There’s a certain persona expected of a Texas high school quarterback. It accompanies the almost surreal world that is Texas during football season.
In Drew Allen’s world, football – even of the high school variety – is a way of life. One that captures the heart and attention of a town once every week during the fall.
The dream is to be a quarterback, play in a big-time conference — perhaps the Big 12 — and one day, if it all goes right, to become a superstar.
For Allen, step one is done. Step two is in his past. A detour to Syracuse is what could make step three a reality.
“I have one year,” Allen said, “so I’ve got to do everything in my power to get up here as early as possible, leave here late, so I’m prepared for every single day.”
Each step of Allen’s football life was taken with the intention of achieving the dream that many a young boy in Texas possess.
They start playing football early there. Some strap on pads as young as 5 years old.
The Tiny-Mite division in San Antonio’s Pop Warner league requires players ages 5-7 to weigh no more than 75 pounds and allows players as light as 35.
Down South, quarterbacks are groomed. Allen’s father, Andy, played football at Texas for Hall of Fame head coach Darrell Royal. Drew Allen’s become the idealist portrait of a Texas starting quarterback.
Six feet 5 inches, 226 pounds, a “cannon” arm and a rugged look to go with a clean-cut attitude — he’s achieved an Eagle Scout ranking. He is, in many ways, the picturesque gunslinger, almost something of myth.
From a distance, he was more a work of fiction than a real person.
“When you see him you’re like, ‘That’s a quarterback,’” SU running back Jerome Smith said.
What did it matter that he sat on the bench for three years? He was behind Sam Bradford and Landry Jones. Syracuse doesn’t get talents like that.
He had it all: the physique, the talent, the look of a quarterback — including the pedigree of a Texas state champion.
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That world is something of a foreign idea to much of a Syracuse roster that hails from the Northeast. Alamo Heights High School in San Antonio isn’t quite of the same quality as some schools near Dallas, but the town still shuts down on Friday nights and high school games are treated like college ones.
“It’s huge,” Allen said. “The high school revolves around their football team and kind of the success of their football team.”
They are, he said, like the movies portray them. There are some players who get caught up in the attention, but he’s tried to stay away from that. The spotlight, however, shines especially brightly upon a high school quarterback in the state of Texas.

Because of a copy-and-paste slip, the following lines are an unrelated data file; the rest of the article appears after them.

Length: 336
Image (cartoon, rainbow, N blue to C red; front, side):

It already gives him a leg up on his competition. Even if Allen has never started a game in college, his years of playing ball at a near-college level taught him the rigors of high-level competition.
“I kind of wish I played somewhere else,” said Terrel Hunt, who played in New York, “because you get more publicity and not only that, you actually have better coaching and people that live for that job.”
Of course, a quarterback like the ones painted in the movies needs a big arm, and that’s the first thing that stands out about Allen to his teammates.
“I’ll just sum it up in one word: cannon,” defensive tackle Eric Crume said. “He’s going to let it rip.”
“In practice we see it and he’ll throw the deep ball,” linebacker Cameron Lynch said, “and we’re like, ‘Whoa.’”
It’s his hallmark. Even head coach Scott Shafer tells stories of Allen whizzing the ball 70 yards through the air.
The long ball was actually one of the few areas in which Ryan Nassib struggled. He had the arm strength, without a doubt, but the bombs weren’t always on target.
That’s not to say Allen’s arm is a proven commodity. In the Orange’s scrimmage in Fort Drum, N.Y., Allen connected on just two passes that traveled for more than 10 yards through the air. But when his deep ball impresses his competition, it’s almost definitely an indication his arm strength is something.
“Sometimes he just chucks it and it feels like the ball just never comes down,” Hunt said.
But in the limited opportunities he’s had since joining the Orange, Allen has proven to be more than a statuesque presence behind the line of scrimmage. He darted downfield for the only substantial run in SU’s Fort Drum scrimmage.
“At first I was like, ‘He’s a little stiff,’” Hunt said, “but once he started moving, I was like, ‘OK, he’s got a little moves.’”
Either option could give Syracuse a bit more of a hybrid look. Hunt said the two are probably more similar than most would expect.
But this is something expected of Allen. A three-star recruit from Texas, a Big 12 talent, should be able to start at quarterback for an Orange team that has struggled for the better part of the last decade.
His world is foreign. His practices started at the crack of dawn. It was too hot to start in the afternoon like SU does now. In his apartment he shares with, among others, center Macky MacPherson, there is a pair of mounted deer antlers and a bobcat pelt placed there by the avid hunter, and a picture of family friend and former Houston Astros star Lance Berkman.
Allen is a long way from home now, but it just so happens that Syracuse is the final checkpoint he must cross to achieve his ultimate dream.
“Just the opportunity,” Allen said. “The opportunity to compete. They didn’t promise me anything, but they promised that I’d have the opportunity to compete for the starting job.”